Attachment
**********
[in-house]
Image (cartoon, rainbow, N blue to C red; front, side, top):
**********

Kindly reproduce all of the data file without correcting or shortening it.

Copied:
[in-house]
Image (cartoon, rainbow, N blue to C red; front, side, top):